Skip to main content

“Indonesia – Sustainable Urban Transport Program (SUTRI NAMA)” has facilitated cross-sectorial cooperation essential for infrastructure investments, final Evaluation and Learning Exercise finds

April 6, 2023
Passengers waiting near an electric bus
Image: © GIZ Indonesia

The project  “Indonesia—Sustainable Urban Transport Program (SUTRI NAMA)”  aimed to change urban transportation in Indonesia by providing local governments with technical know-how, capacity building, and policy guidance. Through this comprehensive national urban transport program, the project sought to make Indonesia’s cities more liveable, efficient, and environmentally friendly.

On this account, during the period of September-October 2022, AMBERO and Oxford Policy Management undertook a final Evaluation and Learning Exercise (ELE) on the progress of the project.

Below are some of the key findings of the ELE: 

The project has supported the coordination and connection across different sectors and government levels to improve the interconnectedness between relevant authorities. It has provided training, facilitated meetings, and conducted market-sounding with financing institutions to connect with relevant stakeholders.

The SUTRI NAMA programme was designed effectively by the project team, but implementation and execution were affected by external factors, such as the Covid-19 pandemic impeding capacity-building activities.

There are early signs of the project’s approach being mainstreamed into the Ministry of Transport, and there is a great degree of alignment between the project scope and the governmental strategy on urban transport.

The following lessons learnt and recommendations were derived by the evaluators of the ELE for future projects in the transport sector:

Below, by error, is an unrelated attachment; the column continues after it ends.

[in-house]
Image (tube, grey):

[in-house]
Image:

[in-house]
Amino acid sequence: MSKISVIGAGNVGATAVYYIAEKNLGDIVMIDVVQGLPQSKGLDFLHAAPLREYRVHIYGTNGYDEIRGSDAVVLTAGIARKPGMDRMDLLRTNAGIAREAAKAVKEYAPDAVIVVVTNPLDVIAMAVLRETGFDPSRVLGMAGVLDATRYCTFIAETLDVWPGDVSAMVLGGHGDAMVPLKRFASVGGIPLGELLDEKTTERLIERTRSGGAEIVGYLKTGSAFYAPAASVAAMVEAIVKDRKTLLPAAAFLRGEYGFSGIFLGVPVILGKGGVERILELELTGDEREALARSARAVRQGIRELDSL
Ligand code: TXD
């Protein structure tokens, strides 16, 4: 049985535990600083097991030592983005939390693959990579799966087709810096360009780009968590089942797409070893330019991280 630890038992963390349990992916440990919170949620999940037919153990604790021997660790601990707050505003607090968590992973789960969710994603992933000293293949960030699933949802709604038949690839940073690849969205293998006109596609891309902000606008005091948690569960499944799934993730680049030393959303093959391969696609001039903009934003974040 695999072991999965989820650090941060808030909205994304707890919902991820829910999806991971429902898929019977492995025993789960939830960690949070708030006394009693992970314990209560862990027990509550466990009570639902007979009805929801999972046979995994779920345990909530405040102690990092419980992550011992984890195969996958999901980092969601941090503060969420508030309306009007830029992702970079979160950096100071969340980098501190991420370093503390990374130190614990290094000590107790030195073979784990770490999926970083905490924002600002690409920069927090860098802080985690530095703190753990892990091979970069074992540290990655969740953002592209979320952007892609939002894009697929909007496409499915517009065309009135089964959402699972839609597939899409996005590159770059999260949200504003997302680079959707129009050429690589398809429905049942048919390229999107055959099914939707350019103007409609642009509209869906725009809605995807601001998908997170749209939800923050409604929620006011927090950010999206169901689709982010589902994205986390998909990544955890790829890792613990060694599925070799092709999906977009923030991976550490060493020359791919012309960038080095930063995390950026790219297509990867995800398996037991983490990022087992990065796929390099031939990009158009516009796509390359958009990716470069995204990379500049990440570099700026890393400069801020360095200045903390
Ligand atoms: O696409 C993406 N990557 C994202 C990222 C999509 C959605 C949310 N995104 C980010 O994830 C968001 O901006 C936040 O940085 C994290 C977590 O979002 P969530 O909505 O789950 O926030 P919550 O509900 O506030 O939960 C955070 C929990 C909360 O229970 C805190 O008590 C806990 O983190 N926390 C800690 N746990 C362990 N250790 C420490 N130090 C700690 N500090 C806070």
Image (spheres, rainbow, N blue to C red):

Acknowledging that transport is a cross-cutting sector and thus requires strong coordination and commitment from various institutions is essential.  It is important to recognise the importance of non-government entities that can provide technical support and advice as well as coordination mechanisms to help facilitate the implementation and management of transport projects.

At the sub-national level, further coordination and alignment are needed to ensure the shared vision in building mass transport for the respective areas. Despite having the same goal of building a transport system, some leaders might have different perceptions of the methods to pursue, affecting their commitment to building sustainable transport.

Financing remains the key challenge in developing urban transport systems. The key lesson is that it is hard to generate integration as each city is independent, diverse, and focused on its own transport planning agenda.

Following the main findings and recommendations of the ELE, the TSU and the project have compiled a management response to address the key points that were raised.

The management response and the full final ELE report are available in the Knowledge & Learning Hub.

The Mitigation Action Facility is a joint initiative of the German Federal Ministry for the Economic Affairs and Climate Action (BMWK), UK’s Department for Energy Security & Net Zero, the Danish Ministry of Climate, Energy and Utilities (KEFM), the Danish Ministry of Foreign Affairs (MFA), the European Union and the Children’s Investment Fund Foundation (CIFF).